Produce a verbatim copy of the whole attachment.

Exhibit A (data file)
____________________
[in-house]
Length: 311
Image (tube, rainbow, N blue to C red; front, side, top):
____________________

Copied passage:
[in-house]
Length: 311
Image (tube, rainbow, N blue to C red; front, side, top):